Due to the economic impact of COVID-19, growing numbers of people from different sectors are looking for a career change; many could be perfect for healthcare support worker (HCSW) roles, but are unaware of them. This section provides examples of how organisations have maximised this national opportunity to recruit high-quality HCSWs locally and at scale. It looks at:
- The importance of values based recruitment
- Addressing local recruitment challenges
- Large-scale and centralised recruitment
People often feel a lack of qualifications to be a doctor or nurse bars them from working in the NHS. As such, it is vital to raise the profile and understanding of the HCSW role, the huge variety of work it covers, and the skills the role requires. When hiring, it’s important to look beyond a person’s qualifications, formal experience and knowledge. Many people have lived experience of providing care, or possess the right transferrable skills from another sector, such as being calm under pressure, that would make them ideal HCSWs. Hiring people who demonstrate the right caring and compassionate values that HCSWs need to provide high-quality care to patients is critical. That is why we recommend providers use values based recruitment approaches to recruit their HCSWs and then design onboarding and educational processes to equip them with the necessary clinical skills thereafter.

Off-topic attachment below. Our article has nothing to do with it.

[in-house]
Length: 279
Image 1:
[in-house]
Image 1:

Values based recruitment
The HEE values-based recruitment framework encourages NHS employers to recruit in line with the values of the NHS Constitution. A suite of resources and advice on how to conduct values based interviews and assessment centres are available from HEE.
Case study: The Leeds Teaching Hospitals NHS Trust. The Leeds Teaching Hospitals NHS Trust recruits apprentice clinical support workers (ACSWs) based on their values. As part of the recruitment and selection process, applicants discuss the role of the ACSW in detail with the apprenticeships team to understand the responsibilities and expectations of the role prior to attending the assessment day.
At the assessment day, candidates participate in scenarios such as looking after a patient who is complaining of pain. The behaviours the candidate demonstrates at assessment enable the trust to assess if they are in line with the ‘Leeds Way Values’ – patient-centred,
accountable, collaborative, empowered and fair – and so can be successful in the role.
It is important to understand the skills and experience of job seekers in your area, including the barriers that they might face in becoming HCSWs and to have a plan in place to address these issues as part of your recruitment strategy.
A good understanding of the local community, allied with the right promotion of the HCSW role and its career opportunities, can help you develop a sustainable, continuous increase in the number of new HCSWs. This can also support those who want to move into nursing through well-developed career pathways.